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16 things you need to know about the Sound of 2018 longlist

The Sound of 2018 longlist is here! It's a who's who of exciting, innovative new musical talent ready to take the world by storm.

16 acts make up this year's Sound Of, all stemming from different corners of the globe and different sides of the musical spectrum. There's excitable indie, strung out country, buzzing Afrobeat, wide eyed Scandipop and bubblegum psych. Pretty much everything, really. But what do this year's Sound Of acts have in common? We've done some digging.

Without further ado, here are 16 things you need to know about this year's longlist.

The Sound of 2018 Top 5 will be revealed on BBC Radio 1 from Monday 8th January 2018.

1. This year’s Sound Of longlist is ridiculously young

Put it this way: only one of the Sound of 2018 longlist would feature in The X Factor’s over 25’s category. That honour belongs to singer-songwriter Tom Walker, who turns 26 on December 17.

And in LA pop prodigy Billie Eilish, we have the youngest ever Sound Of act, at just 15 years old (she turns 16 in December).

In fact, this year’s Sound Of is so young, some of the acts even point it out in their stage names. We’re looking at you, Yxng Bane.

2. We have a language first

Brooklyn-based producer Yaeji is the first Sound Of act to sing in Korean. Her style is more of a whisper, where English and Korean phrases enjoy a quiet back and forth over subtle, sweltering house tracks. Early songs, like the smoothed-out 'Drink I'm Sippin' On', were written during her morning commute - she wrote and produced tracks while holding up a day job. That's a much more productive way to start the day than scrolling through Instagram.

She’s almost the first Sound Of act to sing in their native language, but Swedish duo Say Lou Lou pipped her to the prize in 2014.

3. Eight-pieces are in

No grand assemblage is too big for the Sound of 2018. Especially when it comes to Superorganism.

The jet-setting group met via different corners of the globe. Founding members Emily and Harry discovered 17-year-old singer Orono after playing a show in Japan with their previous band. They stayed in touch, sending Orono a demo of a new track while she was studying in Maine, America. Things went crazy when the group put out debut track 'Something For Your M.I.N.D.' in early 2016, and they've since moved into an east London home-slash-studio together. They’re eight members strong, making them the biggest group to ever feature in the Sound Of.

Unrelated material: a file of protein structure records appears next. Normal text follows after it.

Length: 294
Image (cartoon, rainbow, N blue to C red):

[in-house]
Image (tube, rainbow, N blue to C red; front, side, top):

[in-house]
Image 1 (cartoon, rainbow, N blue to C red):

And if you think you can only spot seven musicians in the band photo, that's because it was taken while one member, backing singer Seoul, was still living in Sydney.

4. Manchester is buzzing

Manchester is never short of amazing music, whether it’s old heroes The Smiths, Joy Division and Oasis or former Sound Of acts Blossoms, Everything Everything and The Ting Tings.

This year, three Manchester acts make the cut, and they’re all from completely different musical worlds. The unorthodox, heady RnB of IAMDDB, the goth-pop charm of Pale Waves and the soul-searching songwriting of Glasgow-born, Manchester-residing artist Tom Walker are nothing alike, but they all proudly fly the flag for their city of choice.

5. Not to mention the rest of the UK

No Sound Of comes complete without a showcase of London talent. This year we have the introspective pop of Nilüfer Yanya, the bubbling dancehall of Yxng Bane and Not3s, plus multi-faceted force Superorganism.

But there’s also a diverse bunch of non-London acts to get excited about. Lewis Capaldi hails from Whitburn; Rex Orange County grew up in the small commuter town of Halsemere, Surrey; Sam Fender is Newcastle and proud; while Jade Bird was born in Hexham, Northumberland and spent her teens travelling around the UK with her family.

6. It’s a huge year for dancehall and Afrobeat

If there’s one genre making a big breakthrough in the Sound of 2018, it’s Afrobeat.

That’s the generally accepted name for the vibrant, street-soundtracking strand of dancehall currently taking over the airwaves. Sound of 2016 longlister J Hus is credited with helping innovate the sound, making a breakthrough in 2015 with his 'Dem Boy Paigon' track before cracking the top 10 and earning a Mercury Prize nomination this year with debut album Common Sense.

This year, Not3s and Yxng Bane follow close in his footsteps, and both have their sights firmly set on chart stardom. Yxng Bane's 'Rihanna' track is a glowing ode to the genre-bending pop star, while Not3s made huge waves with his 'Addison Lee' track in 2017.

7. Scandi-pop is better than ever